04.26.07 | 2:00 AM
Modern humans are bacteria-killing machines. We assassinate microbes with hand soap, mouthwash and bathroom cleaners. It feels clean and right.
But some scientists say we're overdoing it. All this killing may actually cause diseases like eczema, irritable bowel syndrome and even diabetes. The answer, they say, is counterintuitive: Feed patients bacteria.
"Probiotics (pills containing bacteria) have resulted in complete elimination of eczema in 80 percent of the people we've treated," says Dr. Joseph E. Pizzorno Jr.
, a practicing physician and former member of the White House Commission on Complementary and Alternative Medicine Policy. Pizzorno says he's used probiotics to treat irritable bowel disease, acne and even premenstrual syndrome. "It's unusual for me to see a patient with a chronic disease that doesn't respond to probiotics."
Clinical trial data on probiotics is incomplete, but there are many indications that hacking the body's bacteria is beneficial.
In sheer numbers, bacterial cells in the body outnumber our own by a factor of 10, with 50 trillion bacteria living in the digestive system alone, where they've remained largely unstudied until the last decade. As scientists learn more about them, they're beginning to chart the complex symbiosis between the tiny bugs and our health.
"The microbes that live in the human body are quite ancient," says NYU Medical Center microbiologist Dr. Martin Blaser
, a pioneer in gut microbe research. "They've been selected (through evolution) because they help us."
And it now appears that our daily antibacterial regimens are disrupting a balance that once protected humans from health problems, especially allergies and malfunctioning immune responses.
"After the Second World War, when our lifestyles changed dramatically, allergies increased. Autoimmune diseases like diabetes and inflammatory bowel disease are increasing," says Kaarina Kukkonen
, a University of Helsinki allergy expert. "The theory behind (what causes) the diseases is the same: Lacking bacterial stimulation in our environments may cause this increase. I think this is the tip of the iceberg."
In a recent study, Kukkonen and her colleagues gave a probiotic containing four strains of gut bacteria to 461 infants labeled as high risk for developing allergic disorders. After two years, the children were 25 percent less likely than those given a placebo to develop eczema, a type of allergic skin inflammation. The study was published in the January issue of Journal of Allergy and Clinical Immunology
Microbial exposures early in life, scientists believe, cause mild inflammation that calibrates the body's responses to other pathogens and contaminants later in life. Without exposure as infants, researchers say, people can end up with unbalanced immune systems.
"Many of the most difficult problems in medicine today are chronic inflammatory diseases," says Blaser. "These include rheumatoid arthritis, lupus, atherosclerosis, eczema and multiple sclerosis. One possibility is that they're autoimmune or genetic diseases. The other possibility is that they are physiological responses to changes in microbiota."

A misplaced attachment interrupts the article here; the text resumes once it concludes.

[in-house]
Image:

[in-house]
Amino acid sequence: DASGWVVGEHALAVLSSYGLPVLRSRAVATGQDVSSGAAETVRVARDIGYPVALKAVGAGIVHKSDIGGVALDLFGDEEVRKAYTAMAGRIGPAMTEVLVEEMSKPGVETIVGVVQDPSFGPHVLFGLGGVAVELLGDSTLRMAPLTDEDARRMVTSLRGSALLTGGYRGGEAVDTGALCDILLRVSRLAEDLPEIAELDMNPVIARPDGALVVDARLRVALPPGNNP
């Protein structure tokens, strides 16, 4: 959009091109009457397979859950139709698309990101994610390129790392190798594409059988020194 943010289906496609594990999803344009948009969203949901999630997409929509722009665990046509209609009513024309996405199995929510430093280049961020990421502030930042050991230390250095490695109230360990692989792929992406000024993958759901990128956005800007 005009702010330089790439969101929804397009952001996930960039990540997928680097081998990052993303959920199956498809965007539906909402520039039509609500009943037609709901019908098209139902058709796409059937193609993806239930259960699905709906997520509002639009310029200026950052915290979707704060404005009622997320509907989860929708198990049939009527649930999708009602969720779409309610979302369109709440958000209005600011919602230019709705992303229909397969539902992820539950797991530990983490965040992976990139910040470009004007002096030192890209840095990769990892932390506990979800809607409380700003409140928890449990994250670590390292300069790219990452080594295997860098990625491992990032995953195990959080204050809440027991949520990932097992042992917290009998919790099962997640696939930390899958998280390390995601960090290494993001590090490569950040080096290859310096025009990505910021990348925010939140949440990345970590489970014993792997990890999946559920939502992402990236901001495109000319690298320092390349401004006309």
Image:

Blaser's specialty is Helicobacter pylori, a strain once common in every human stomach but now rare in the West. Its disappearance may have benefits: H. pylori-related inflammation is associated with peptic ulcers and some stomach cancers. However, H. pylori also reduces acid reflux, which in turn is associated with asthma and esophageal cancers.
H. pylori's decline, says Blaser, correlates with a rapid rise in those afflictions. H. pylori deficiency may also contribute to obesity, he says, because the bacteria help regulate production of two hormones, ghrelin and leptin, that affect metabolism and appetite.
Low levels of Bacteroidetes
have also been linked to obesity
. Studies indicate that bacterial imbalances are associated with irritable bowel syndrome, post-surgical infections and type 1 diabetes.
The health-food movement has moved ahead with probiotics without regard for clinical trial results. Women commonly use supplements like acidophilus
to treat yeast infections. Other probiotics are making their way into products such as Kashi Vive
cereal "to help you care for your digestive system" and Dannon's Activia
yogurt, which in its first year boasted more than $100 million in sales. But scientists say over-the-counter probiotics are of inconsistent quality.
Pizzorno, for example, buys his probiotics from companies that sell directly to doctors. Consumer probiotics don't always contain medically recognized bacterial strains, he said, and often the bacteria they contain are dead.
"Most of the companies don't have any research ongoing at all," says Stig Bengmark
, a University of London hepatologist. "They buy cheap bacteria from yogurt companies and say it's good, but it's never proven."
To more precisely hack the gut bacteria, Blaser calls for a Gut Genome Project, modeled after the Human Genome Project
. It's a daunting task: The human genome, mapped to great fanfare but still dimly understood, contains a tenth of the genes believed to be in our gut bacteria. But though difficult, such research could prove vital.
"The world is very aware of the concept of global warming, which is a macro-ecological change," Blaser says. "I postulate that there are similar micro-ecological changes going on inside us."